RHESSI Spectroscopy

Please refer to The RHESSI Spectrometer article in Solar Physics, Volume 210, Numbers 1-2, November 2002 for a complete explanation of the RHESSI spectrometer.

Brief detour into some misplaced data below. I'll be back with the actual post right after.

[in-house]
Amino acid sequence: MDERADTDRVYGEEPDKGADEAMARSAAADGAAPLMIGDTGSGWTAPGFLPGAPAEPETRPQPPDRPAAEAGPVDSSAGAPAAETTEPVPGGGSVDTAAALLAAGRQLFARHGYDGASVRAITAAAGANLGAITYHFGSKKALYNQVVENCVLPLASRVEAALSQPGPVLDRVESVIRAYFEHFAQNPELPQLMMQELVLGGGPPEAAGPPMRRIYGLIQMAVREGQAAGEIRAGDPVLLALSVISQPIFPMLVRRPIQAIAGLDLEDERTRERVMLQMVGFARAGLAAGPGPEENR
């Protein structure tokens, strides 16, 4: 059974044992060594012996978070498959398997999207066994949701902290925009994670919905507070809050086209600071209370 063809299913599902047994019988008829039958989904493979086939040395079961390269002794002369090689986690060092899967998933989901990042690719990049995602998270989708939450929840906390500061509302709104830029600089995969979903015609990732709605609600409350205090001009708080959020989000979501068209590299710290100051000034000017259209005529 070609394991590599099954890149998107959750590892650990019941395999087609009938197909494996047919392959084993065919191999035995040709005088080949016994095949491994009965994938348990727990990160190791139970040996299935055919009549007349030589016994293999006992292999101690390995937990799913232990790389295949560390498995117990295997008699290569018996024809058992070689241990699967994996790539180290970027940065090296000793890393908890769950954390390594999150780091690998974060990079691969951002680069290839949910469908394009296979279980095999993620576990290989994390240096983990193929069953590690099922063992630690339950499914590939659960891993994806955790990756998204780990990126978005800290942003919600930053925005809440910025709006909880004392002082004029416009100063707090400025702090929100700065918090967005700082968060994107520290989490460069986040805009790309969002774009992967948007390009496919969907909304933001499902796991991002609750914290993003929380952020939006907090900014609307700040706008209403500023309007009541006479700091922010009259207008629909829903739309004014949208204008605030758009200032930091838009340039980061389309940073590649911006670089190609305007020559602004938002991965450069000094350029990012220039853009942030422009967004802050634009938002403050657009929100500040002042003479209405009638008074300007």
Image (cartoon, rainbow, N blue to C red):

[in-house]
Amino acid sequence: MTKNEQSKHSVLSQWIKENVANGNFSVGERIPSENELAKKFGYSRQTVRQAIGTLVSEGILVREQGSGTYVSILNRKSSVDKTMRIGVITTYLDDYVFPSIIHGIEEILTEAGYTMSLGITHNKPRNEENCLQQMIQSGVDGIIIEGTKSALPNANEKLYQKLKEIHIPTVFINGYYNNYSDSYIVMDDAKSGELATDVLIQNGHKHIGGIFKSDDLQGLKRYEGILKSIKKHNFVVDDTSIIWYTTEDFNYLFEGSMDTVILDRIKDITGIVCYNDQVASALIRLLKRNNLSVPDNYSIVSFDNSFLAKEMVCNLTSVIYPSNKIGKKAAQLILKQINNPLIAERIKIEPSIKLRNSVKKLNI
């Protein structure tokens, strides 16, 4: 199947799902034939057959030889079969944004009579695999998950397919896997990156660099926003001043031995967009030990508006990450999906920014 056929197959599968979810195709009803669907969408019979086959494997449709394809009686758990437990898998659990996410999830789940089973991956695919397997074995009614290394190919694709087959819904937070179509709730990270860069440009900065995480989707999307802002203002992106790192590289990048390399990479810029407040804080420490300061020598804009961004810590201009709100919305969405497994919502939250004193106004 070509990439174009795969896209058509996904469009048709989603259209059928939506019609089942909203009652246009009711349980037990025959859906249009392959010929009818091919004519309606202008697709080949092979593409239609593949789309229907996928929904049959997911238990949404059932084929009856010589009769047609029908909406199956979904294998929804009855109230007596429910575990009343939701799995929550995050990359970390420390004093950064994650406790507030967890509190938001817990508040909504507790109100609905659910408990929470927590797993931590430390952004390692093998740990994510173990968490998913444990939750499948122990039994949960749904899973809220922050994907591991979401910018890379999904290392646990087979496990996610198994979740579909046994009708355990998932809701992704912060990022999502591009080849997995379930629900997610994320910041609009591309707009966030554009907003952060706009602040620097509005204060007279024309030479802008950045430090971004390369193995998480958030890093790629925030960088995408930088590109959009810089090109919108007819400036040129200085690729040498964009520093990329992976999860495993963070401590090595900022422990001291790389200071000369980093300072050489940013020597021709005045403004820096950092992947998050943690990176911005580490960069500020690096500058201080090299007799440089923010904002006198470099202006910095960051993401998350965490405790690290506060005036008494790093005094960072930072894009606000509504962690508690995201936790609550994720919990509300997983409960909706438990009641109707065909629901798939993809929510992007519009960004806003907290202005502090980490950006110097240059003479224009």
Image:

When a high energy photon hits a Germanium detector, cascades of electrons are knocked out of its Germanium atoms. These pulses of electrons are attracted across one of two voltage potentials to front or rear wires attached to the wall of an interior hollow. These detectors have two zones. The top zone in blue intercepts the lower energy X-rays and the bottom or rear zone in red reacts to the more penetrating higher energy X-rays and gamma-rays. The sensitivities of the front and rear zones overlap as can be seen in the graph below the detector schematic. The types of photons may be characterized by the energies and the shapes of the pulses plotted against time. In order to reduce thermal noise, the Sterling sunpower cooler reduces the operating temperatures to that of liquid Nitrogen. The detectors are buried deep inside the spacecraft under thermal insulation to prevent sunlight from overheating them to the point where thermal electrons contribute more noise than the signal given off by the X-rays. The time tagged Germanium spectroscope signal is sent on to the computer for processing into an image of the high energy event.